Currently reading: Indian cars are unsafe, says Global NCAP
Best-selling Indian cars score no stars on Global NCAP safety tests; Volkswagen withdraws Polo variant in response
Darren Moss
2 mins read
31 January 2014

Some of India's top-selling cars are not safe to drive, according to the results of recent Global NCAP safety tests.

The safety organisation tested some of India's best-selling cars, including the Tata Nano, Suzuki-Maruti Alto 800, Ford Figo, Volkswagen Polo and Hyundai i10. The combined sales of those models alone accounted for 20 per cent of the country's new car sales in 2013. None of the cars subjected to NCAP's 40mph front impact test scored even a single star rating.

Global NCAP tested the entry-level versions of each model, meaning that none came with airbags as standard.

Official safety reports on the Alto 800, Nano and i10 concluded that even with airbags fitted, their stuctural weaknesses were such that there were "high risks of life-threatening injuries" to drivers. The Figo and Polo had structures that remained stable, with Global NCAP noting that protection for drivers and passengers would be "much improved" with the addition of airbags.

Officials within the group say that the cars tested represent levels of safety that "are 20 years behind the five-star standards now common in Europe and North America". Global NCAP also noted the absence of common safety features like airbags are "putting the lives of Indian consumers at risk".

Responding to the test results, Volkswagen has withdrawn its non-airbag Polo variant from sale in India. An airbag-equipped version of the Polo was also tested, scoring four stars for adult protection.

The same cars were also tested against the UN's basic crash test, a standard that's applied in markets including Australia, China, Japan, Malaysia and the EU. The standard, which includes a 40 per cent offset front impact test at 35mph, is not yet applied in India. All the cars barring the airbag-equipped Polo failed the test.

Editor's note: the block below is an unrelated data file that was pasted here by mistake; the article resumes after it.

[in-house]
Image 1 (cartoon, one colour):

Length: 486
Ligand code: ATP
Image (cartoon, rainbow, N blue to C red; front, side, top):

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31 January 2014
So in other words Polo in the third world countries offers only a fraction of safety and quality as it does in Europe.

31 January 2014
The Figo is essentially a rebadged and facelifted version of the previous generation Fiesta which was launched in Europe in 2001 and had a Euro NCAP rating of 4 when it was tested in 2002. The Polo is the same Mk 5 version we get and which received a Euro NCAP rating of 5 in 2009. The i10 is the very recently replaced previous model we had and which received 4 stars from Euro NCAP.

Either Global NCAP tests are more stringent than Euro NCAP, the goalposts for Global NCAP have changed or the Indian versions of the cars we had/have are significantly re-engineered.

31 January 2014
wow, such different results from the euro versions with airbags. Surely the manufacturers haven't downgraded the engineering of their well-established models for this market - so would the i10 and Figo have done so much better if they were also equipped with airbags? And WHY is the Polo worse - is this because the tests applied in India are tougher than the 2009 Euro version?

31 January 2014
Almost every car manufacturer engineers their cars differently for different markets, and most engineer crash safety for independent crash tests rather than safety. Japanese cars in China are considered unreliable rust buckets. VW USA is considered no better than Ford or GM. It would be so easy for manufacturers to omit airbags, boron steel bracing, fit lesser crumple zones etc and have models look and drive in a superficially similar manner.

Just look at the difference in NCAP rating between mk5 and mk6 Golfs, one which has been optimised better for Euroncap tests than the other, despite being essentially the same car underneath.

31 January 2014
I'm surprised, as another poster said, as most of these cars are warmed over last-generation 'Western'/EU market vehicles (last Fiesta, i10, Polo).

Surely an airbag wouldn't change a car from 0 to 4 stars? Are they emitting side impact bars? Lesser quality welding? Poorer quality steel etc?

My first car, a Clio built 20 years ago and driven 10 years ago, didn't have an airbag. Would probably get a 0 score if it was tested now, but for cheap, basic transportation it was fine - and I'd say that for most buyers in the subcontinent that is what the above cars tested would represent.

31 January 2014
Cheap, basic transport does not have to be unsafe. The 2013 Dacia Sandero (cheap, basic transport) won a 4 star Euro Ncap rating (it scored 80% for adult occupant safety), good enough, I think, to be considered reasonably safe, by current standards. I tried to include a link here, to the Ncap result but, the spam filter wouldn't allow it.

31 January 2014
To be fair, didn't India promote cars like the Nano to get people off their mopeds? The only possible way to achieve this is by making cars as cheap as possible so in that respect, rather than compare their cars to world-wide ncap standards, they should be comparing them to mopeds. If a Nano is safer than the moped it replaces, the above seems a rather pointless exercise. The worlds cheapest new car fails to meet standards the worlds most expensive car gets judged by... shock, horror.

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